Through humanitarian action as well as teaching and research, Fayyaz Baqir always dreamed of making the world a better place. However, tensions in his home country, Pakistan, put his dreams at risk. Now a visiting professor at the University of Ottawa thanks to the Scholars at Risk (SAR) Network, Baqir is able to continue his important work while enjoying something many of us take for granted—freedom of expression.
Professor Baqir is first and foremost a community development practitioner. His career began with the Aga Khan Rural Support Program as well as the UN, and government organizations. For many years, he supported strategies aimed at reducing poverty and promoting local Pakistani economies. He was driven by the desire to improve quality of life for people living in poor and vulnerable communities.
It was this experience working first-hand with communities that made Baqir move into teaching, research and writing. He wanted to share what he had learned, while encouraging new ideas and innovation in the realm of participatory development.
“What I learned from the local communities is that they know better than us about the problems that they have and how to solve them,” says Baqir. “The best way to be of service is to listen and harvest knowledge from them in order to offer them the tools they need to achieve their goals.”
Academic freedom threatened
Baqir’s career reached a critical turning point in 1983 when his homeland fell under the rule of Gen. Muhammad Zia-ul-Haq.
“I had to leave Pakistan because the space for having dialogue was shrinking and the military regime was threatening the tradition of openness to others and dialogue that we had known in the country,” Baqir says. “Like many, I opposed the government’s idea of going to war, which caused me problems and endangered my freedom of speech.”
Fayyaz Baqir’s story is not an isolated case. In over a hundred countries worldwide, attacks on higher education are common. Academics and advocates are threatened, arrested, persecuted and harassed because of their research, teaching and public stances.
These attacks jeopardize the ability to think freely, ask questions, and express ideas—particularly when it comes to matters that are crucially important for scholarly advancement, public policy and democratic debate. The right to speak and hold progressive thoughts is censured under threat of reprisals.
“When we see that many academics have to fight for their academic freedom, sometimes risking their lives and those of their families, we realize just how precious what we have is,” says Jill Scott, provost and vice-president, academic. “We can welcome them and allow them to pursue their work and continue to contribute to our shared knowledge. In that sense, the Scholars at Risk program fits perfectly with our mission at the University of Ottawa.”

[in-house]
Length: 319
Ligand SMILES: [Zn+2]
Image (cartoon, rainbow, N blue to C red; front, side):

Finding a glimmer of hope
In May 2018, Professor Baqir joined the Faculty of Social Sciences’ School of International Development and Global Studies for a two-year stay as part of the SAR program.
“People who want to make a difference in the world are dreamers. They are idealists. I am lucky to be part of that community. But there are times in every society when the social and political climate does not allow open communication. SAR gives us a refuge, the opportunity to take a step back, continue our work and begin once more to make connections. It helps keep our dreams alive,” says Baqir.
Since arriving at the University of Ottawa, he has formed significant relationships with fellow researchers and with students. He has also published two works in two years, his most recent book in collaboration with Professors Sanni Yaya and Nipa Banerjee.
For Baqir, Canada is a crossroads for the academic community. It offers him a global platform to exchange ideas with a greater audience, one previously out of reach.
He shares this insight: “The job of scholars is to continue looking for ways to keep the dialogue going. Circumstances sometimes require that we wait for the right moment to communicate with the world. But we need to stay close to our truth.”
Support the Scholars at Risk program at the University of Ottawa
The University of Ottawa joined the SAR network in 2014, as managed by the Human Rights Research and Education Centre, and has since welcomed four researchers. By offering temporary academic positions in member universities and colleges, the program protects academics facing serious threats, so that their ideas are not lost and they can continue to work.
Help us promote human rights and academic freedom and give scholars at risk like Fayyaz Baqir the opportunity to pursue their research without fear of reprisal, censorship or violence. Give to support the Scholars at Risk Program Fund.